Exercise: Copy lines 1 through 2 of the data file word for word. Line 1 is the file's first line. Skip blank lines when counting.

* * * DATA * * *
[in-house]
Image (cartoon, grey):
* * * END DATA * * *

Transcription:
[in-house]
Image (cartoon, grey):